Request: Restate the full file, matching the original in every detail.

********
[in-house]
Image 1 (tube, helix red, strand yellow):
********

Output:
[in-house]
Image 1 (tube, helix red, strand yellow):